Going into the Fall 2017 TV season, I'm being incredibly selective when it comes to adding new shows to my schedule. In fact, I find myself shedding more weight than I intend to put on, abandoning many ABC series that I feel have outlived their storytelling value, such as Scandal and Once Upon a Time. That's why Ten Days in the Valley comes as a breath of fresh air, a limited run that I know I will have time to invest in.
Kyra Sedgwick returns to television as a divorced TV writer with a lot of drama in her life. When her daughter disappears from her LA home, she initially assumes her ex has taken her without permission... again. But when a detective confirms that her daughter is not with her ex, her whole world is flipped upside down.
In several ways, Ten Days in the Valley reminds me of Secrets and Lies, which had an amazing first season and failed to reconnect in its sophomore year. Jane Sadler (Sedgwick)'s life is more scandalous than it initially appears, with a secret drug addiction causing her to lie to the detectives. It also seems like everyone around Sadler has a reason to lie, with her ex-husband, personal assistant, nanny, and employees all having reasons to want to blackmail her or set her up. Even the police have a grievance with her after a documentary she produced and the fictional stories she writes for TV, which often parallel real cases they shared with her off the record.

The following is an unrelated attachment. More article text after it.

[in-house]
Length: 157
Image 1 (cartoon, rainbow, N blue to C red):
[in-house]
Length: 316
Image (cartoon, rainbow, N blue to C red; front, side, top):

As the title suggests, the entire season will take place over the course of ten episodes with each representing a day during Sadler's daughter's disappearance. Like Secrets and Lies, there's lots of potential to keep the series going if successful, including another shocking situation for these characters or an unrelated problem elsewhere in the Valley with perhaps some minor connecting tissue. But even if this becomes its own self-contained entity that is never to receive a follow up, I think viewers will be in for a twisty and exciting treat.
I have just two gripes with Ten Days in the Valley, the first of which is a biggie. It takes 17-minutes for the pilot to really hook you into it, which is sure to cause many impatient viewers to give up on it before it has a chance to impress. The other is that the character of Jane Sadler is instantly unlikable. Her self-absorbed nature is so off-putting that you don't even get a chance to root for her in the first episode. It's not until the second episode that you see her begin to break down and become relatable. This is more the fault of a complex character and less about Sedgwick's acting abilities. On the contrary, she is consistently exhibiting the denial and anger stages of grief in the premiere with bargaining and early signs of acceptance in episode two.
I've been a fan of Kyra Sedgwick since I was a kid obsessing over the film Heart & Souls. I'm so happy to see her return to primetime television and on the best network of all (because ABC's parent company is Disney and I'm biassed that way). If you, too, have lost a lot of shows this season, give Ten Days in the Valley a chance to fill the void.
Ten Days in the Valley premieres Sunday, October 1st, at 10/9c on ABC